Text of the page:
Updating and curating metabolic pathways of TB

Colorado State University, Fort Collins, CO, USA. Electronic address: .
Tuberculosis (Edinburgh, Scotland) (Impact Factor: 2.71). 01/2013; 93(1). DOI: 10.1016/
Source: PubMed


The sequencing of complete genomes has accelerated biomedical research by providing information about the overall coding capacity of bacterial chromosomes. The original TB annotation resulted in putative functional assignment of ∼60% of the genes to specific metabolic functions, however, the other 40% of the encoded ORFs where annotated as conserved hypothetical proteins, hypothetical proteins or encoding proteins of unknown function. The TB research community is now at the beginning of the next phases of post-genomics; namely reannotation and functional characterization by targeted experimentation. Arguably, this is the most significant time for basic microbiology in recent history. To foster basic TB research, the Tuberculosis Community Annotation Project (TBCAP) jamboree exercise began the reannotation effort by providing additional information for previous annotations, and refining and substantiating the functional assignment of ORFs and genes within metabolic pathways. The overall goal of the TBCAP 2012 exercise was to gather and compile various data types and use this information with oversight from the scientific community to provide additional information to support the functional annotations of encoding genes. Another objective of this effort was to standardize the publicly accessible Mycobacterium tuberculosis reference sequence and its annotation. The greatest benefit of functional annotation information of genome sequence is that it fuels TB research for drug discovery, diagnostics, vaccine development and epidemiology.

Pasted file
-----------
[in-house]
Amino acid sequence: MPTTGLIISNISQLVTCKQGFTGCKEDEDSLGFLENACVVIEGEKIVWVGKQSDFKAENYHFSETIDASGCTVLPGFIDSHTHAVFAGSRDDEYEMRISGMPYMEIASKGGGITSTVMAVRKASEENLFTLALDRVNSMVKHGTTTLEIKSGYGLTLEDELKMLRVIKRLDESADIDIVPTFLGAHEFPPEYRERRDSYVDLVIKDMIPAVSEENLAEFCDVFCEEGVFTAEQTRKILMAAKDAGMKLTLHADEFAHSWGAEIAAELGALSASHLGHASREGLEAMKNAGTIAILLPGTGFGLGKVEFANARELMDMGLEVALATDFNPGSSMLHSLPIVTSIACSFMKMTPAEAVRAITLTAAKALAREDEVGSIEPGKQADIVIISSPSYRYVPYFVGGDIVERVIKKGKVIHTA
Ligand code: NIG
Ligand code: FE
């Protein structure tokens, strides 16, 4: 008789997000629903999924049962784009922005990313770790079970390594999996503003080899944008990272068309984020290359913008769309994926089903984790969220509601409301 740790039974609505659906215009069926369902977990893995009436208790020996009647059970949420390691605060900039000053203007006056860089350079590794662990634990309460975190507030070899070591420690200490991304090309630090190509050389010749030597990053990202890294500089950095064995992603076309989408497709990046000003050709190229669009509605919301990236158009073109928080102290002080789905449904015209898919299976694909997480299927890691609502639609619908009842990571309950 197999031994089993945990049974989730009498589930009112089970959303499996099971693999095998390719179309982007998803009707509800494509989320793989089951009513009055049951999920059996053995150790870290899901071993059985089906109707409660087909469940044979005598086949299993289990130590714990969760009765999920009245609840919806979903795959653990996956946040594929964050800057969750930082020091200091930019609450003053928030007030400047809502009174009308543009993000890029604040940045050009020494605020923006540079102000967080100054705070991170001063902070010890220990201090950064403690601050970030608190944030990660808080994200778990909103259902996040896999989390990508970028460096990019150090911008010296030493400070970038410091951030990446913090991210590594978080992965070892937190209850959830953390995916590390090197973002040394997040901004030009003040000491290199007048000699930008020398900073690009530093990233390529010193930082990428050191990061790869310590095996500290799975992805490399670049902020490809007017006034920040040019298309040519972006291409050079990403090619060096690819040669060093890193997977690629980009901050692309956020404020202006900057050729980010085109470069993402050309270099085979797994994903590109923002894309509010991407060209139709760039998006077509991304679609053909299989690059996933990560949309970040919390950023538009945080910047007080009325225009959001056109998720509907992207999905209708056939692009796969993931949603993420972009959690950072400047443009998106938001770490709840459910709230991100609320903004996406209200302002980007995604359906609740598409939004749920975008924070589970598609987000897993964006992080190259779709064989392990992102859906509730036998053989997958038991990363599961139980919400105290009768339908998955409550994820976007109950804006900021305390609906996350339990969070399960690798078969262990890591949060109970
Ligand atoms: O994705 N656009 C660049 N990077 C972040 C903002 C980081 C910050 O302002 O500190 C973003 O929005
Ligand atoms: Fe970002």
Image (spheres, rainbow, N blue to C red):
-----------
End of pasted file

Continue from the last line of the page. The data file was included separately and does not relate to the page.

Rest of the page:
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Available from: Richard A Slayden
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    • "The SOS response, which prevents cell cycle progression in response to DNA damage and other stresses, is a classic example of cell division regulation under conditional stress [7-16]. Although proteins that regulate septum formation have been widely characterized in other bacterial species, proteins that carry out this function have not all been identified or thoroughly characterized in Mtb[17]. A previous study from our laboratory identified a septum site determining protein, Ssd, and showed that it is capable of regulating septum formation and inducing alternative metabolic pathways, demonstrating a relationship between the regulation of cell cycle progression and the induction of molecular programs associated with NRP [6]. "
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